Bigger than a hamburger

Bigger than a hamburger

Raleigh, NC — The Student Leadership Conference made it crystal clear that current sit-ins and other demonstrations are concerned with something much bigger than a hamburger or even a giant-sized Coke.

Whatever may be the difference in approach to their goal, the Negro and white students, North and South, are seeking to rid America of the scourge of racial segregation and discrimination — not only at lunch counters, but in every aspect of life.

In reports, casual conversations, discussion groups, and speeches, the sense and the spirit of the following statement that appeared in the initial newsletter of the students at Barber-Scotia College, Concord, N.C., were re-echoed time and again:

We want the world to know that we no longer accept the inferior position of second-class citizenship. We are willing to go to jail, be ridiculed, spat upon and even suffer physical violence to obtain First Class Citizenship.

By and large, this feeling that they have a destined date with freedom, was not limited to a drive for personal freedom, or even freedom for the Negro in the South. Repeatedly it was emphasized that the movement was concerned with the moral implications of racial discrimination for the "whole world" and the "Human Race."

This universality of approach was linked with a perceptive recognition that "it is important to keep the movement democratic and to avoid struggles for personal leadership."

It was further evident that desire for supportive cooperation from adult leaders and the adult community was also tempered by apprehension that adults might try to "capture" the student movement. The students showed willingness to be met on the basis of equality, but were intolerant of anything that smacked of manipulation or domination.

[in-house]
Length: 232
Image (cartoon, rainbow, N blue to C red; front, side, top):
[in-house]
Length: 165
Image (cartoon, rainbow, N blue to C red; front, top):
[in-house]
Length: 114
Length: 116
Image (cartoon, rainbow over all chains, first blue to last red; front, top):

This inclination toward group-centered leadership, rather than toward a leader-centered group pattern of organization, was refreshing indeed to those of the older group who bear the scars of the battle, the frustrations and the disillusionment that come when the prophetic leader turns out to have heavy feet of clay.

However hopeful might be the signs in the direction of group-centeredness, the fact that many schools and communities, especially in the South, have not provided adequate experience for young Negroes to assume initiative and think and act independently accentuated the need for guarding the student movement against well-meaning, but nevertheless unhealthy, over-protectiveness.

Here is an opportunity for adult and youth to work together and provide genuine leadership — the development of the individual to his highest potential for the benefit of the group.

Many adults and youth characterized the Raleigh meeting as the greatest or most significant conference of our period.

Whether it lives up to this high evaluation or not will, in a large measure, be determined by the extent to which there is more effective training in and understanding of non-violent principles and practices, in group dynamics, and in the re-direction into creative channels of the normal frustrations and hostilities that result from second-class citizenship.

[After SNCC's founding conference at Shaw University in Raleigh, NC, Ella Baker wrote the above article that summarized the address she gave at the conference.]

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